How To Get Your Team To Be Self-Motivated At Work

One of the greatest responsibilities (and burdens) of driving a group of people toward a goal is the continuous effort of motivating them to achieve milestones and do their best work along the way.

As a manager, trying to figure out why some team members seem to “get it,” while others working within the same environment do not, likely frustrates you.

Many managers fail to realize that the motivators for a group of people are rarely synonymous. As a result, the same environment and identical communication often strikes a chord with some people on the team, yet doesn’t for others.

When managers notice this occurrence and witness some team members performing at much greater levels than others, they often kick an incentive into action in an attempt to motivate the underperformers. Or, they respond with a punitive caveat to the goal, which states that if you do not complete the assigned work, recourse will go into affect.

The emotional reaction to both attempts to fix the problem presents negative feelings for the top performers, as well as those that weren’t performing as highly.

Why Incentives And Recourse Often Do More Harm Than Good

The top performers who were already on their way toward the goal by their own self-motivation now feel as if the work is trivialized by incentives or punitive action.

The low performers are still not motivated to perform the task because their own personal drivers aren’t being met; yet, they feel required to do the work.

For all team members, the disconnect between the work and the control that the extrinsic motivator places on the team members (and therefor the lack of choice on how to best reach that goal) demotivates them and, as a result, the goal begins to evoke a negative feeling for the team.

As the manager, you’re left scratching your head and wondering what went wrong.

How To Get Your Team To Be Self-Motivated, Instead

For your top performers, their self-motivational needs were already being met. You’re communicating in a way they like to be communicated, and the environment within which they’re working fits their needs. Most importantly, the job and tasks are a good fit for what motivates them at work every day.

Your lower performers, however, have desires and preferences that likely differ from your top performers. And up until now, those needs don’t appear to have been met.

As a result, a divide between top performers and low performers has been created without intent.

The simplest way to understand what motivates members of your team is to engage in more organic conversations with them during the workday.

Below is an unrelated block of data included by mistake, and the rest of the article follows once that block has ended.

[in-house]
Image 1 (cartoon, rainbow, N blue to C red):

During these conversations, you’ll likely deduce extremely insightful self-motivators about each person, such as:

  • Whether they like to work on projects and assignments autonomously or as part of a team.
  • How they prefer to be recognized for their work, whether it be an award that displays a particular status at the organization or a more private recognition, such as a one-on-one meeting with you or another superior.
  • The methods of communication they prefer, such as open forum meetings vs. clearly written details of a particular goal or project.

Look At Projects And Career Paths Differently

By engaging in the organic discussions above, you’ll gain insight into what makes each member of your team tick. As a result, it’s up to you to design the work context, projects, goals, and communication around each individual team member.

By doing this, you’re creating the environment and job attributes most likely to suit each person and cause each team member to be more self-motivated. The end goal for you, of course, is that you’re frustrated less and your team is more engaged and is performing at a higher rate.

One additional benefit of these conversations is learning about better career paths for each team member.

You may uncover, for example, that some individuals truly love their job and have the perfect work context for this present stage of their lives. As a result, promoting them now would actually be detrimental to their career at your organization, and there may be other ways to cater to their future work desires.

Similarly, many managers unconsciously keep top performers in present roles in an attempt to protect and control positive results. Preventing career advancement causes natural drives to diminish, and as a result, creates demotivating work environments.

Instead, be keen to the new opportunities that present themselves for team members deserving of additional mentoring or job responsibilities who’d be highly motivated by such work. The goodwill and positivity you put forward by continually allowing individuals’ natural drivers to thrive, even if outside of your own department, will reap benefits for the entire organization.